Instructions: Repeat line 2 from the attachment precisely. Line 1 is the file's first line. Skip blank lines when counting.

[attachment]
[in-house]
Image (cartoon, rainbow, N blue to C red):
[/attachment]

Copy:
Image (cartoon, rainbow, N blue to C red):